Twitter Lists

Use Twitter’s Search Function

More?  You want to find more great users to follow.  Well two suggestions.  In the black bar on the top of your Twitter page there’s a Who to Follow button.  Click on it and Twitter will give you suggestions on who to follow.   If you spend a bit of time finding great people to follow your Twitter stream should have tweets that are related to our favorite topic E-learning.  If you find a user who’s not contributing to your learning unfollow them.

Another way of finding great resources is to search the Twitter stream for topics of interest.   For example, type in “Elearning”  Voila!   You get tweets related to Elearning.  

The Learning Solutions 2011 conference is in progress right now (yep as I type this article).   Want to keep up with tweets from the conference?  Search for #LS2011.   #LS2011 is the hashtag for the conference.  Wait!  What’s a hashtag?   The # symbol, called a hashtag, is used to mark keywords or topics in a Tweet. It was created organically by Twitter users as a way to categorize messages.  Go to Twitter’s page on Hashtags to learn more.

Start Conversations

A little secret about Twitter, if you follow users a certain percentage of them will follow you back.   If you start posting tweets on a particular topic, users interested in that topic will start following you.  Over time you will build up a network of users who are interested in a topic.   If you see someone ask a question, hit the Reply button on your Twitter client and answer it (Twitter has a blog post on replying, if you’d like to learn more).    Need a question answered?  Ask.  Don’t be discouraged if you don’t get a reply initially (if it’s about E-learning try asking us by including @learningcouncil in your Tweet–we’ll try to answer or get our followers to answer).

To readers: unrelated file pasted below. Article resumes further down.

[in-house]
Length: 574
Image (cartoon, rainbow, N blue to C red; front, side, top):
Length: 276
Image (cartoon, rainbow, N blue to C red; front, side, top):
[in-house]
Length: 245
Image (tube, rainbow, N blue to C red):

Whew!  A long post.   Other thoughts on how to use Twitter as part of your personal learning network?   Comment or Tweet.   

ELC Meeting–Learning 2.0: Technology Trends in Informal Learning

Zulfi Kureshi gave an interesting presentation on Technology Trends in Informal Learning (attached below).  I was particularly interested to see how Deloitte uses Learning 2.0 tools internally and am thinking of how I can use them in our organization. 

An example of using Learning 2.0 Technology is the ELC website runs on Drupal–a open source CMS that allows us to Blog, grab RSS feeds on a topic (News Clips), have Forums, and a shared calendar.   All this for free.  I remember when Intranets and shared knowledge sites cost hundreds of thousands of dollars.

I strongly believe that Learning 2.0 technologies will supplement the over the cubicle wall learning that most people engage in today–with telecommuting and global enterprise it is a neccessity.  Furthermore, as the baby boomers retire–Learning 2.0 technologies offer a chance for us to capture their expertise before they head off to go deep sea fishing — talk about asynchronous learning.

I was fascinated by a thread I saw in the comments on this presentation–oh we can’t do this at OUR organization.  Why?  Is it the culture?  Is it not being able to prove ROI?   Is it Security?  What are the specific issues?  How is using Learning 2.0 technology different from sharing a Power Point or a newspaper article?  How is it different from asking your IT person….”Hey how do I use Excel to do filtered subtotals?.”

Note:  You have to be a registered user to download the presentation.  Please register and sign-in.